Racine came the closest to putting forward the independent socialist attitude on the war: The working class is endangered by the war psychosis being built up by the two blocs. The struggle against the war is one of the forms of the class struggle today. Workers refuse to choose between the “financial dictatorship” or the “bureaucratic dictatorship”; “for them the problem is above all a social one in fighting against economic inequalities and for workers’ control, which would lead to a real economic democracy.”

Compton’s Bomb

At the mass meeting in the evening, over 10,000 people attended, including a large percentage of workers. The first speaker was Ignazio Silone who stressed the moral value of the socialist struggle and the necessity for a federated socialist Europe. After him followed the socialist atomic scientist Francis Perrin who for 15 minutes rambled about on liberty, Stalinism, and humanity.

Up to this point the meeting seemed to be going along in a sort of placid fashion and the audience settled down expecting to hear more concrete ideas about the state of socialism and the war. The crowd was a mature left assembly from various parts of the non-Stalinist labor movement.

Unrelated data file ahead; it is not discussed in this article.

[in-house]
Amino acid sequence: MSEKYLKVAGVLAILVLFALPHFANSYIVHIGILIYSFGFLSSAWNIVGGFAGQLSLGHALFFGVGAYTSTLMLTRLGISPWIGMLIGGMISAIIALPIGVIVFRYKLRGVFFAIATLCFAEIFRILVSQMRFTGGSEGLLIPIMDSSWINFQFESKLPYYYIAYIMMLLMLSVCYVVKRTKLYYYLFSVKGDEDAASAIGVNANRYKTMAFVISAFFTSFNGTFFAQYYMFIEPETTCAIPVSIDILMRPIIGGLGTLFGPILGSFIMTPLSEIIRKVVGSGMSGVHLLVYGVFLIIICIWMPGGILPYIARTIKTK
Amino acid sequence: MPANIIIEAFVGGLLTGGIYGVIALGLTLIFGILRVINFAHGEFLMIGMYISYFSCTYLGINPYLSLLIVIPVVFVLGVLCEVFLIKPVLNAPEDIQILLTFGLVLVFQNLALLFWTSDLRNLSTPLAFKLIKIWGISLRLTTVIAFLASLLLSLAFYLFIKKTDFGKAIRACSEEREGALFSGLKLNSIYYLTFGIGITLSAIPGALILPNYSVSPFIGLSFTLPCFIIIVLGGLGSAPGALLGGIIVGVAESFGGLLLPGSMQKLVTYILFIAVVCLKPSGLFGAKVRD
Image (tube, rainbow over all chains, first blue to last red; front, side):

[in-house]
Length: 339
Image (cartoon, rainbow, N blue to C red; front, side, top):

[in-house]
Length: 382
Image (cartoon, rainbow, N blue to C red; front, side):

At this point Karl Compton, member of the Atomic Energy Commission of the United States government, was given the floor. Compton justified the use of the atomic bomb against Japan and explained that the United States government is doing a great deal of research on the use of atomic energy for PEACEFUL pursuits – but that if necessary it can convert quickly into war needs, etc.

The audience was shocked, dumbfounded, as were the organizers of the meeting. (It would seem that no one had bothered to find out beforehand what Compton thought about these problems!) Murmuring arose from the crowd and was quickly transformed info a wave of booing. Compton fitted into this meeting as aptly as Churchill at a Communist Party rally.

At the conclusion of Compton’s speech, the French Anarchists made an organized assault on the platform in order to present one of their own speakers. (They had had a speaker at the afternoon session but they had been denied one in the evening meeting.) For about 10 minutes pandemonium broke out as the Anarchists clashed with the RDR corps of sergeants-at-arms. In the meantime the French group of orthodox Trotskyists [PCI – Internationalist Communist Party] also demanded a voice. The chairman finally agreed to give each five minutes and peace was restored.